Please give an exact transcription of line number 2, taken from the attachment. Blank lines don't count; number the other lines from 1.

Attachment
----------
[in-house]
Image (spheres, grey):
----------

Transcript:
Image (spheres, grey):